|View single post by Xanthippe|
|Posted: Sun Feb 16th, 2014 06:57 am||
Glad to see people are still reading--and trying--the recipes. To take some of your questions in no particular order:
Think about food marketing in the 19th century. We are talking townsfolk here, not farmers who grew, foraged or shot their own. In town no supermarkets yet, each shop sold their specialty item. The fishmonger goes to the docks before dawn and sees what's available and takes the whole fish back to the store to sell as is or possibly cut in half or quarters. It ain't gonna be sardines and they are most certainly not going to be packed in little cans.
To do this recipe get a chunk of fish. Nowadays this is probably fillet flash-frozen and in a bag but that will do if you are not in a location that can get fresh off the boat. Other fish recipes in the Spaulding's Godeys book include cod, herring, perch, shad, salmon...even eels. (I dare you...
Anyway the idea of this fritters recipe is to use up leftovers. "Bread crums" come from a day when somebody, either housewife or servant, made with her own hands every loaf of bread eaten. NOTHING was let go to waste or thrown away as heels are today: the crumbs left on the tablecloth were brushed off and put into the crumb jar. Leftover bread, if any, dried quickly so was crushed and added as well. You can make this the same way, or spring for a can of premade bread crumbs, they're cheap. Your use of croutons was ingenious as improvisation.
Cream makes a difference. I would get a carton of half and half at least, what's left over you can use in coffee. And beat the eggs before adding to the mixture.
You should see some of the directions for making things like this: "pound in a mortar" is roughly the equivalent of spinning the product through a food processor. They want mush here, totally pulverized to bits. Mushing with a fork is not quite equivalent. "Push through a double-hair sieve with the back of a wooden spoon" is a direction from another recipe we will get to in a moment. They want this fine, very very fine.
Since we are, happily, not in the 19th century at present I would get a blender or food processor for your next attempt. Get some nice fish and have it for dinner one night. Make extra so you have a piece left over, cooked but preferably kept aside from any breading or spicing. Likewise save some mashed potatoes either from this meal or an earlier one (isn't refrigeration a wonderful thing?)
Blenderize fish, dump into bowl. Toss the potatoes, cream, eggs and cayenne in and blenderize them together. Dump them into bowl with fish and stir, stir, stir. Fine-tune the consistency at this point remembering that potatoes and breadcrumbs are supposed to be roughly the same quantity.
Now: the anchovy sauce. Chances are that this, unlike the above items, WOULD in our 19th century town be available as a already-prepared bottled condiment, probably at the apothecary or spice seller's shop. But if you were making it at home, we must turn to another book: The Cook's Oracle and Housekeeper's Manual by "William Kitchener MD", who is credited as having adapted the recipes of an English cookbook "to the American public." Copyright law was not in those times what it is today. US Copyright was 1832 so this was in its prime of life in the Civil War years.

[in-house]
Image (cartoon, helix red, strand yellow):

Pound three anchovies in a mortar with a little bit of butter; rub it through a double hair-sieve with the back of a wooden spoon, and stir it into almost half a pint of melted butter, or stir in a table-spoonful of essence of anchovy. To the above many cooks add lemon-juice and Cayenne.
See I told you we'd get back to hair-sieves, a topic I invite you to google. The point here is that this meant, again, to mince the items extremely fine. Chuck 'em in the blender again if you want to achieve this without ridiculous expenditure of energy. Considering that half a pint is 1/2 lb or 2 sticks of butter, and that we are unlikely to want more that a couple of tablespoons worth for the fritters and you are entirely excused for omitting this or at least drastically reducing the recipe.
In regard to the issue of the salt content there are some other 19th century differences to keep in mind. Butter sold in town was almost certainly salted, not for flavoring purposes but as a preservative. Butter is a milk-preservation storage device. It lasts longer than fresh milk does (again, no refrigeration to speak of at this time) but not indefinitely so it was packed in salt for future use. If you bought butter at the store you got this wad of yellow, salt-encrusted fat which you would of necessity rinse off at home just to make it edible. The level of salt used in modern butter does not remotely compare.
I suspect the bacon grease contributed much of the salty flavor. Lard was of course common but even more so was the fat rendered from any meat cooked in the home. This would be saved for future use because fat was an absolute good in the days before central heating. People needed calories in their bodies for the heat value and work represented. So your use of bacon grease is perfectly in keeping with the period. But if you want less salt save the fat from your next roast chicken, beef or pork and it will serve.
Hope this has helped expand some of the background of this recipe. Do let us know if you try it again and how it went. Best regards...